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Falkland Islander fishermen protest license fee increase, 2008
The Falkland Islands is an archipelago off the coast of Argentina. The United Kingdom has declared the Falkland Islands their own territory, but Argentina also claims the Falkland Islands (which Argentinians refer to as Islas Malvinas) for their own. The islands primarily bring in money from fishing and wool industries. In order to regulate the fishing industry, the Executive Council of the Falkland Islands government requires all fishermen to purchase a license during each fishing season. The Executive Council (commonly known as the ExCo) sets the prices of licenses such that they are expensive enough to deter many new companies from entering the market, but not so expensive that the fishing industry fails.
In May 2008, the ExCo raised the squid fishing licenses by 30%, a move that the Director of Fisheries John Barton said followed the government policy of keeping the fees as high as “what the market can stand.” The Falkland Islands charges more for squid licenses than any other country. Between 2003 and 2008, the government increased squid license fees by 85%. This move particularly upset the squid fishermen, who already had to deal with rising fuel prices for their ships, which had increased 70% over the course of the year (around 300% over the course of four years). The Falkland Islands Fishing Company Association feared that these costs would inhibit any growth in the industry and might actually lead to decline.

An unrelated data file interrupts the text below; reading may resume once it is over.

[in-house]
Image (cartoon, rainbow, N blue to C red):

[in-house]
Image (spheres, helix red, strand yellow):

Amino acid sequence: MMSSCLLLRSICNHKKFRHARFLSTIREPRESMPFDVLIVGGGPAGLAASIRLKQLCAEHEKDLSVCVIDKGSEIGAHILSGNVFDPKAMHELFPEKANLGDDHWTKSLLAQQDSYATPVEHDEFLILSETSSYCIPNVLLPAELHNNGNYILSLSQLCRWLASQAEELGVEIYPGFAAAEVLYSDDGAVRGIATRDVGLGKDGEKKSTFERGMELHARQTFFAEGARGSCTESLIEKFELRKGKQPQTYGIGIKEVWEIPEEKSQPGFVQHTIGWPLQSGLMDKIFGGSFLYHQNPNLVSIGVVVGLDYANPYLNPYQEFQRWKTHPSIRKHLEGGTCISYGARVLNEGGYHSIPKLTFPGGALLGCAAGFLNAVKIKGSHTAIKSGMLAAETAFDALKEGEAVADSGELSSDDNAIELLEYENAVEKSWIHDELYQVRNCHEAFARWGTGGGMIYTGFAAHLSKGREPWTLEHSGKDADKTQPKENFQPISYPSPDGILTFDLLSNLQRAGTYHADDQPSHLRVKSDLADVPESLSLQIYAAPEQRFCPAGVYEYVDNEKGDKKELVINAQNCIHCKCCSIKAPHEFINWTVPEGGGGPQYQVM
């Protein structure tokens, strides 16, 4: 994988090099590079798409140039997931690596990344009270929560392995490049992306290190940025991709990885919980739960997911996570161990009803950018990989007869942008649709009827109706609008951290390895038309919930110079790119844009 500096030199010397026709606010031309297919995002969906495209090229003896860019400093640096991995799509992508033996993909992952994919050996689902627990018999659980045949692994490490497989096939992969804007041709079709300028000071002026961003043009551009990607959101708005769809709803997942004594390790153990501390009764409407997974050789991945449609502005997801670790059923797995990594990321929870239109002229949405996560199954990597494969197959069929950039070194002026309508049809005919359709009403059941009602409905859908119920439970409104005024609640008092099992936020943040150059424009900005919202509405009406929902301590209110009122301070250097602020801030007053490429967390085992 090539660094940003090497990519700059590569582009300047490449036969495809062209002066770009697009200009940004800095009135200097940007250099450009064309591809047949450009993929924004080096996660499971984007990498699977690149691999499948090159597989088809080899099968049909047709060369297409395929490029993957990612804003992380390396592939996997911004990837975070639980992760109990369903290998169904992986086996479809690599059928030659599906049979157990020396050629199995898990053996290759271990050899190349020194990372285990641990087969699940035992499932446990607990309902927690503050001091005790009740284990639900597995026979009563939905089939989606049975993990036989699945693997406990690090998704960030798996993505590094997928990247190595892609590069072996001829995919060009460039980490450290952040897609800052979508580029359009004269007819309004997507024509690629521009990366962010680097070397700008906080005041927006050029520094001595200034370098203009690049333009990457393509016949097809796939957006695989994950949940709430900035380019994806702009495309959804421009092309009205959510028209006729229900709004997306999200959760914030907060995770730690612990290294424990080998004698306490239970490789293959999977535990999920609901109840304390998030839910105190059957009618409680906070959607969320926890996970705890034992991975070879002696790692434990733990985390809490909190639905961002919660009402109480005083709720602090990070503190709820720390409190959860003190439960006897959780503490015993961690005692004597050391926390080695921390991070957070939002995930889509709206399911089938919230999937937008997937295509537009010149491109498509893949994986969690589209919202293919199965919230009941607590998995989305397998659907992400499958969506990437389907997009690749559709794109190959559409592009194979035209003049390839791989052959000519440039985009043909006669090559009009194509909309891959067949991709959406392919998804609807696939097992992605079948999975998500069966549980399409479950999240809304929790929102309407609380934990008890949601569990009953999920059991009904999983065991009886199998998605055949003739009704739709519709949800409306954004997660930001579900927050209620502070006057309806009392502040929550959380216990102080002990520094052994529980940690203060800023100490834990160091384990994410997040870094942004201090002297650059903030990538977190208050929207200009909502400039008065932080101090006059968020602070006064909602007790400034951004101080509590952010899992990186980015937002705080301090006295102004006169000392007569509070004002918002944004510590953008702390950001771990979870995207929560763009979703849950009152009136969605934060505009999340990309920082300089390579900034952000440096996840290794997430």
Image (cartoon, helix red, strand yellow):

The Falkland Islands Fishing Company Association (FIFCA) worked with the Loligo Production Company to prepare a case against the fee increase. In May 2008, the FIFCA presented the case to the ExCo. On May 27, the ExCo issued a statement saying that they refused to repeal the fee increase. The FIFCA and the Loligo Production Company attempted a second appeal in June, but to no avail.
Fishing entrepreneurs and locals objected to the fee increase, and Argos Fishing Company Manager Drew Irvine pointed out on the Falkland Islands radio station that fishermen contribute a considerable amount to the island in the form of taxes, on top of fees.
The squid fishermen protested the decision by sounding their ship horns for three days, July 12, 13, and 14, as the fishermen departed for the fishing grounds at the start of the squid fishing season. Commuters and shop owners heard the incredible noise from the main roads. The protest prompted ExCo to claim that it lacked the proper information to determine how exactly the rising fuel prices impacted the squid fishermen. The ExCo’s statement confused the FIFCA and the Loligo Production Company, who felt that they had already addressed these issues. In their June appeal, the FIFCA and Loligo Production Company had provided calculations and estimates for the increased cost of maintaining a fleet of sixteen squid fishing vessels, both from increased fuel prices and the additional 30% license fee, which amounted to approximately £265,000 per vessel.
Despite the squid fishermen’s efforts, the ExCo decided to uphold their decision, and the license fees remained at their high levels.